Hacking scandal starts to spread beyond News Corp
Uneasy faces and sweaty palms all along Fleet Street
Trinity Mirror Group Plc – owner of the Daily Mirror, Daily Record and The People, is opening an internal investigation into ethics and editorial procedures.
The company, which also owns 160 regional papers, has struggled to move its papers online and has watched its share price drop from 571 pence in 2007 to 43 pence today.
A spokesman for the Mirror Group said: "We can confirm that we're conducting a review of editorial controls and procedures."
The group last conducted such a probe in 2004 in the wake of the Hutton Inquiry into the BBC and the death of David Kelly.
In other news the Daily Mail insisted it did not need to carry out an internal review to know that it had never run stories based on phone hacking.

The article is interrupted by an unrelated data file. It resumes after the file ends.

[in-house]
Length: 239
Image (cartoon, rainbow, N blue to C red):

Chief Executive Martin Morgan said the board had received assurances in line with comments made by Mail editor Paul Dacre last week.
But this hostage to fortune was not enough for everyone – some Daily Mail Group shareholders told the FT an internal inquiry was the very least they expected.
A 2008 report (pdf) by the Information Commissioner into "the unlawful trade in confidential personal information" specified that some 305 journalists from a wide range of leading British papers and magazines had been identified as "customers driving the illegal trade". Even the Observer, sister paper to the Guardian which has made most of the running in exposing the phone-hacking culture of what was once Fleet Street, was named. ®
Sponsored: Transform Your IT Infrastructure